The journey is an entirely collaborative effort. Visit the blog to read more about its beginnings.
Here’s to travelling onwards…
© images and content Emily Hughes, 2014
Posted on January 15, 2014
I’m back! And so is the photograph. Following a brief interlude, it resumes its journey. Read about the Journey of a Photograph Project here…
The intimate is not a space but a relationship between spaces.
– Beatriz Colomina
I was forced, recently, to take a break from blogging. Not really by choice, but because life burst forth in a relentless tidal wave of busyness (as it does every year at the same time), and something had to give. However, I have been continuing to make pictures, and the past few months has been a process of consolidation and gathering together of things which I have been thinking about and working on for a long time, years even. I have not made any ‘new’ pictures as such; it is the nature of photography that you can be extremely prolific when you are clicking a button (that’s the easy part), yet it’s the editing that take the time; the drawing together the threads of the narrative and the sifting through the rubble to seek out those lustrous gems. It has been more a process of looking back, reflecting, and…
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Posted on October 11, 2013
As the photograph travels on it continues evoke immense creative energy from its recipients. Check out Carla Saunders’ bold and lively contribution…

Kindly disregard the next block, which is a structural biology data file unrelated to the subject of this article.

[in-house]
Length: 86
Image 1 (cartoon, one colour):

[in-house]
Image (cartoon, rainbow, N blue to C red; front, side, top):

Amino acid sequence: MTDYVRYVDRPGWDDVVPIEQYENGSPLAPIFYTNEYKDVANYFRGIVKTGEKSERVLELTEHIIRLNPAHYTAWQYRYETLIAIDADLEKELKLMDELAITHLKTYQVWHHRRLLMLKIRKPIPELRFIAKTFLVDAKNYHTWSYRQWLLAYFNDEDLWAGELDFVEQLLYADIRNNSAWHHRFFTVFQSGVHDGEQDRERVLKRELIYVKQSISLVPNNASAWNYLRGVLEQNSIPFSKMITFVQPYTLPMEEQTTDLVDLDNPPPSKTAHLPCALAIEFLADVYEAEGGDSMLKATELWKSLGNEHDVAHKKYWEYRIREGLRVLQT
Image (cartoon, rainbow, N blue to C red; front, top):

I received Emily’s photograph September 28nd 2013. Having followed her blog, from the beginning, I had often thought what would I do if I were asked to put together a piece for this collaboration.
Emily invited me to participate and I was sent the photograph to interpret from my point of view. My first thought was, I’m looking at a full moon at night viewed from a moving train. The image reminded me of an overnight trip on a local train from Hanoi to Sapa in Northern Vietnam. I lay on a steel plank on the bottom bunk. I shared the compartment with five other people. It was dark. Flashes of light came in through the window. Metal against metal screeched. Strange smells, sights and sounds of humans asleep came at me for what turned out to be a long nightmarish night. I kept my mind occupied by writing a poem…
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Posted on February 19, 2013
I have started a new blog. This one is a little different. I aim to instigate the sending of material pictures and/or photographs on journeys in an attempt to evoke responses, and to subsequently record how they are transformed along the way. The project is borne out of a desire to return to a more tangible photography, and to endeavour to somehow engage in, and chart the process of personal and collective memory-making.
The journeys will be recorded at the blog journeyofaphotograph, which is intended to be an open and collaborative effort.
If you would like to take part in the project, please sign up here.
If you would like to read about how it came about, please see my post here